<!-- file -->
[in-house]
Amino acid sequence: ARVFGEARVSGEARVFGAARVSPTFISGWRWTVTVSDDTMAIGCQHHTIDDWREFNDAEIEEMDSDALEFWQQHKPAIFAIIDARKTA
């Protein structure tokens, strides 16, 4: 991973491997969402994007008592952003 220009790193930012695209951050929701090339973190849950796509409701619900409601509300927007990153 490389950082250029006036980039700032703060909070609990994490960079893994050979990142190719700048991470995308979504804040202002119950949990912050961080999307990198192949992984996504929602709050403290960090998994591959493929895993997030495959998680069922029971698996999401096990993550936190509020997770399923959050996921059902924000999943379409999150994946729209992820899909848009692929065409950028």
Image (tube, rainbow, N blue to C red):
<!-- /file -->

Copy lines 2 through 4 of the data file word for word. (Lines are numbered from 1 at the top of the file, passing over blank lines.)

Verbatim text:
Amino acid sequence: ARVFGEARVSGEARVFGAARVSPTFISGWRWTVTVSDDTMAIGCQHHTIDDWREFNDAEIEEMDSDALEFWQQHKPAIFAIIDARKTA
């Protein structure tokens, strides 16, 4: 991973491997969402994007008592952003 220009790193930012695209951050929701090339973190849950796509409701619900409601509300927007990153 490389950082250029006036980039700032703060909070609990994490960079893994050979990142190719700048991470995308979504804040202002119950949990912050961080999307990198192949992984996504929602709050403290960090998994591959493929895993997030495959998680069922029971698996999401096990993550936190509020997770399923959050996921059902924000999943379409999150994946729209992820899909848009692929065409950028």
Image (tube, rainbow, N blue to C red):